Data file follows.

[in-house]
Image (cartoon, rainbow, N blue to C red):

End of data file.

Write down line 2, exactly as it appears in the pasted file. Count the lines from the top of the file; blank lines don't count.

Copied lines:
Image (cartoon, rainbow, N blue to C red):